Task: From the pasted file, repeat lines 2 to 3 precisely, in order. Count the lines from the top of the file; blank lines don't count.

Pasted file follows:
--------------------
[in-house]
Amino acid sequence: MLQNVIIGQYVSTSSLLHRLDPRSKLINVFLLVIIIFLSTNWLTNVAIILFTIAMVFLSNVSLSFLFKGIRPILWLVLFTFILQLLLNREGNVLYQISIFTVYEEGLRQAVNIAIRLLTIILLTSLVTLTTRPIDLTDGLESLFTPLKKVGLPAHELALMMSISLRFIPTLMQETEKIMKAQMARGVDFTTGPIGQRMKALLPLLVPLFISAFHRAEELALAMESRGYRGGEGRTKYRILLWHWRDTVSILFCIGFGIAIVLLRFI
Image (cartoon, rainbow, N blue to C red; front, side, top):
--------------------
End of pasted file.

Amino acid sequence: MLQNVIIGQYVSTSSLLHRLDPRSKLINVFLLVIIIFLSTNWLTNVAIILFTIAMVFLSNVSLSFLFKGIRPILWLVLFTFILQLLLNREGNVLYQISIFTVYEEGLRQAVNIAIRLLTIILLTSLVTLTTRPIDLTDGLESLFTPLKKVGLPAHELALMMSISLRFIPTLMQETEKIMKAQMARGVDFTTGPIGQRMKALLPLLVPLFISAFHRAEELALAMESRGYRGGEGRTKYRILLWHWRDTVSILFCIGFGIAIVLLRFI
Image (cartoon, rainbow, N blue to C red; front, side, top):